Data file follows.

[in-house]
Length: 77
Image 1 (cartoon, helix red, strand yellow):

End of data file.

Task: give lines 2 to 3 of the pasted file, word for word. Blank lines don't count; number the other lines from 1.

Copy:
Length: 77
Image 1 (cartoon, helix red, strand yellow):